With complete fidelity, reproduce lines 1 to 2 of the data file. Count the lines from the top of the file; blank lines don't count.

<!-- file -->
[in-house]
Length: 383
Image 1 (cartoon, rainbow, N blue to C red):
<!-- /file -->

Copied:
[in-house]
Length: 383